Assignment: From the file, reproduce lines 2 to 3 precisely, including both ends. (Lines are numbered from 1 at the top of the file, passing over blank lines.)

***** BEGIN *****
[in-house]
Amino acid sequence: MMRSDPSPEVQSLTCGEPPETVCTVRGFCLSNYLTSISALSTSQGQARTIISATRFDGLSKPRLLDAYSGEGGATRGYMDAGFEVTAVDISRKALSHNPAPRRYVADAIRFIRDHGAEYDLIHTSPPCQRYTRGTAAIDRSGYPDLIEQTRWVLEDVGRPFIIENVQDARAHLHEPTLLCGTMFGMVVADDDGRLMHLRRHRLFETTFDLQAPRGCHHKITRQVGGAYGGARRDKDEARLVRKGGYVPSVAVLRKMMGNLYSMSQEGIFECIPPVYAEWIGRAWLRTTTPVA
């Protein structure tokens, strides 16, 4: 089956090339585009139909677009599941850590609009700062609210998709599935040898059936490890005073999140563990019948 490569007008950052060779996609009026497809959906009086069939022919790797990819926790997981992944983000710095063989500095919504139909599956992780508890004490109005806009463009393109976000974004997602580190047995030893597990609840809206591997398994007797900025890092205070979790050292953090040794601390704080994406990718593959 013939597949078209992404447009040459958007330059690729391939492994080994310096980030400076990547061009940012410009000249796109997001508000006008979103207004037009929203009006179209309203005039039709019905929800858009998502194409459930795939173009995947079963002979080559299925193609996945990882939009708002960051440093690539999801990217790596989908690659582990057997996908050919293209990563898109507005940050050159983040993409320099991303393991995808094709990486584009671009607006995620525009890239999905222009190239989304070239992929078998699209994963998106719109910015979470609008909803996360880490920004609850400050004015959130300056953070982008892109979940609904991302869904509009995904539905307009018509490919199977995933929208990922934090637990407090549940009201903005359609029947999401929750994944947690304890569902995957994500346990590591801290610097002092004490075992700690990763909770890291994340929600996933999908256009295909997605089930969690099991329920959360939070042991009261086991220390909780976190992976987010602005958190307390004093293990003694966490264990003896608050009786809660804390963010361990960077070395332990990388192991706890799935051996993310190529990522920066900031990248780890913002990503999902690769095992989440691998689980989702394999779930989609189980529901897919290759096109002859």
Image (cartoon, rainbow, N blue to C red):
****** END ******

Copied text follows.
Amino acid sequence: MMRSDPSPEVQSLTCGEPPETVCTVRGFCLSNYLTSISALSTSQGQARTIISATRFDGLSKPRLLDAYSGEGGATRGYMDAGFEVTAVDISRKALSHNPAPRRYVADAIRFIRDHGAEYDLIHTSPPCQRYTRGTAAIDRSGYPDLIEQTRWVLEDVGRPFIIENVQDARAHLHEPTLLCGTMFGMVVADDDGRLMHLRRHRLFETTFDLQAPRGCHHKITRQVGGAYGGARRDKDEARLVRKGGYVPSVAVLRKMMGNLYSMSQEGIFECIPPVYAEWIGRAWLRTTTPVA
């Protein structure tokens, strides 16, 4: 089956090339585009139909677009599941850590609009700062609210998709599935040898059936490890005073999140563990019948 490569007008950052060779996609009026497809959906009086069939022919790797990819926790997981992944983000710095063989500095919504139909599956992780508890004490109005806009463009393109976000974004997602580190047995030893597990609840809206591997398994007797900025890092205070979790050292953090040794601390704080994406990718593959 013939597949078209992404447009040459958007330059690729391939492994080994310096980030400076990547061009940012410009000249796109997001508000006008979103207004037009929203009006179209309203005039039709019905929800858009998502194409459930795939173009995947079963002979080559299925193609996945990882939009708002960051440093690539999801990217790596989908690659582990057997996908050919293209990563898109507005940050050159983040993409320099991303393991995808094709990486584009671009607006995620525009890239999905222009190239989304070239992929078998699209994963998106719109910015979470609008909803996360880490920004609850400050004015959130300056953070982008892109979940609904991302869904509009995904539905307009018509490919199977995933929208990922934090637990407090549940009201903005359609029947999401929750994944947690304890569902995957994500346990590591801290610097002092004490075992700690990763909770890291994340929600996933999908256009295909997605089930969690099991329920959360939070042991009261086991220390909780976190992976987010602005958190307390004093293990003694966490264990003896608050009786809660804390963010361990960077070395332990990388192991706890799935051996993310190529990522920066900031990248780890913002990503999902690769095992989440691998689980989702394999779930989609189980529901897919290759096109002859």